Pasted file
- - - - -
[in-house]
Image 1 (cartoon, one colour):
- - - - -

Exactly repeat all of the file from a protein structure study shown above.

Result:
[in-house]
Image 1 (cartoon, one colour):